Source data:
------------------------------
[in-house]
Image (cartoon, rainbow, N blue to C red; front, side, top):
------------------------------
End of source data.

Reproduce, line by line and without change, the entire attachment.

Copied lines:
[in-house]
Image (cartoon, rainbow, N blue to C red; front, side, top):